Beware of co-insurance loopholes

Owner-Operator Independent Drivers Association announced that it is supporting one of its owner-operator members in a demand for class arbitration with FFE Transportation Services over several alleged violations of the truth-in-leasing regulations. This is the first time that OOIDA has recommended use of arbitration for resolving a dispute over the leasing regulations. Last year, the U.S. Supreme Court ruled that arbitrators have the authority to certify classes. OOIDA emphasized that while it recommends exercising the new option for classwide arbitration, it is not softening its reliance on the federal court system.

A federal district court in Jacksonville, Fla., rejected a request by Landstar System and its subsidiaries to dismiss a lawsuit filed by the Owner-Operator Independent Drivers Association regarding chargebacks. Landstar challenged OOIDA’s private right of action, the authority of the court to order the payment of damages and the four-year statute of limitations claimed by OOIDA.

Texas Court of Appeals ruled that a shipper had not waived its protections under the federal Carmack Amendment simply because the contract set the carrier’s liability for losses in Mexico at zero. While that contract term may be common practice and may have reflected the parties’ intention that the shipment not be subject to Carmack, it does not represent an express waiver of Carmack, the court ruled. (Celadon Trucking Services vs. Titan Textile Co.)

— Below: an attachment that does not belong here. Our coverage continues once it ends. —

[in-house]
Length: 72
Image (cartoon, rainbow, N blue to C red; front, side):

Q Our company is a small over-the-road carrier that transports expensive shipments in truckload quantities. About half of a truckload worth $500,000 was damaged beyond repair, and the shipper filed a claim for $250,000. Although we have cargo limits of $200,000 per occurrence, our insurer has stated that it will only pay $100,000 of the claim less the deductible because of some co-insurance provision in the cargo policy that we knew nothing about. Can this be right?

A Co-insurance provisions often show up in casualty policies. Insurers use them to keep policyholders from under-insuring property on first-dollar coverage. A typical co-insurance provision reads something like this:

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“In the event of a loss to which the limit of liability applies, the insurer shall in no event be liable for a greater proportion of such loss than the limit of liability involved bears to 100 percent of the evaluation of contents of the vehicle at the time such loss occurred.”

Co-insurance provisions can have surprising and devastating effects. In your case, your coverage of $200,000 per occurrence is 40 percent of the $500,000 worth of goods on the truck. So your insurer will pay only 40 percent of the loss, or $100,000.

You obviously assumed that all losses were covered at least up to the limit of $200,000 per occurrence, and surely the shipper did as well when it received your certificate of insurance. Co-insurance provisions, like other exclusions and policy loopholes, are not disclosed on the typical certificates of insurance used in the industry.